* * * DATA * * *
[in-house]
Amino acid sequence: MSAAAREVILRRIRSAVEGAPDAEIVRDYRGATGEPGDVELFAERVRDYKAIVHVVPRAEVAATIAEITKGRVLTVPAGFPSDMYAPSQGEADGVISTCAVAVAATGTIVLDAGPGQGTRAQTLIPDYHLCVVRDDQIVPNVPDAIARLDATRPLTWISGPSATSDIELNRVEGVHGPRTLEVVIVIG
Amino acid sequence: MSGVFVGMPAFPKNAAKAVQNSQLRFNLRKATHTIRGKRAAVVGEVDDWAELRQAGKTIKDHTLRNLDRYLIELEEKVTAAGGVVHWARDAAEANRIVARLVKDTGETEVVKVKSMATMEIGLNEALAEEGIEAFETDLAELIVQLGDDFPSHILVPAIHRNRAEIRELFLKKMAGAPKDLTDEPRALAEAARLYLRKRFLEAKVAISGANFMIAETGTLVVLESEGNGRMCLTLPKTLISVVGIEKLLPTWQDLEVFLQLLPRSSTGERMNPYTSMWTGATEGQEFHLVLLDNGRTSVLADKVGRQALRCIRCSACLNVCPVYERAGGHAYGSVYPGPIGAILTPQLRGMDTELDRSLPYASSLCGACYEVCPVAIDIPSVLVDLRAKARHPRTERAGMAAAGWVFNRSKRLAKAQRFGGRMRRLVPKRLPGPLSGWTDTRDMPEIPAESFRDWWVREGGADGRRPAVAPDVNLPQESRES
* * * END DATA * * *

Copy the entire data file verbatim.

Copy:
[in-house]
Amino acid sequence: MSAAAREVILRRIRSAVEGAPDAEIVRDYRGATGEPGDVELFAERVRDYKAIVHVVPRAEVAATIAEITKGRVLTVPAGFPSDMYAPSQGEADGVISTCAVAVAATGTIVLDAGPGQGTRAQTLIPDYHLCVVRDDQIVPNVPDAIARLDATRPLTWISGPSATSDIELNRVEGVHGPRTLEVVIVIG
Amino acid sequence: MSGVFVGMPAFPKNAAKAVQNSQLRFNLRKATHTIRGKRAAVVGEVDDWAELRQAGKTIKDHTLRNLDRYLIELEEKVTAAGGVVHWARDAAEANRIVARLVKDTGETEVVKVKSMATMEIGLNEALAEEGIEAFETDLAELIVQLGDDFPSHILVPAIHRNRAEIRELFLKKMAGAPKDLTDEPRALAEAARLYLRKRFLEAKVAISGANFMIAETGTLVVLESEGNGRMCLTLPKTLISVVGIEKLLPTWQDLEVFLQLLPRSSTGERMNPYTSMWTGATEGQEFHLVLLDNGRTSVLADKVGRQALRCIRCSACLNVCPVYERAGGHAYGSVYPGPIGAILTPQLRGMDTELDRSLPYASSLCGACYEVCPVAIDIPSVLVDLRAKARHPRTERAGMAAAGWVFNRSKRLAKAQRFGGRMRRLVPKRLPGPLSGWTDTRDMPEIPAESFRDWWVREGGADGRRPAVAPDVNLPQESRES